Indeed, the example of Andrássy was an ideal choice. As the sun is reflected in a tiny drop of water, so the parallel between the bourgeois democracy of Europe, once revolutionary and republican, and the monarchist constitutionalist (even after January 9, 1905) bourgeois “democracy” of Russia is reflected in the comparison between Andráissy and Petrunkevich. First the European bourgeois fought on the barricades for the republic, then they lived in exile, and they ended up by turning traitors to the cause of liberty, betraying the revolution, and taking service with the constitutional monarchs. The Russian bourgeois want to “learn from history” and “reduce the stages of development”: they want to betray the revolution straight away, to turn traitor to liberty straight away. In private conversation they repeat the words of Christ to Judas: “That thou doest, do quickly.”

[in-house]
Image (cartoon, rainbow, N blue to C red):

“They were ushered into another hall, ... where the tsar was to receive them,” continues M. Gaston Leroux, “when it was suddenly discovered that the revolutionary Petrunkevich had no kid gloves. Colonel of the Life Guards Putyatin instantly took off his own and hastily handed them to the revolutionary.”
The audience began. Prince Trubetskoi delivered his speech. As reported by M. Gaston Leroux, he began by stating how grateful they were to the tsar for having “deigned to receive us, thereby proving your confidence in us.... We are simply people of peace and order,” declared Prince Trubetskoi (on behalf of the whole “Constitutional-Democratic”, or Osvobozhdeniye, Party), adding that “the tsar had been deceived” by his councillors. The most “daring” passage in his speech was the one in which he declared that an assembly of representatives based on social-estates, as proposed by Bulygin, was “inadmissible” ... why, you think? ... because “You, Your Majesty, are not the Tsar of the nobles, of the merchants and the peasants; you are the Tsar of All the Russias, and the representation must be of the entire people without exception”. As to the resolution of the Zemstvo Conference, which we publish in our leading article, of that not a whisper, as was only to be expected.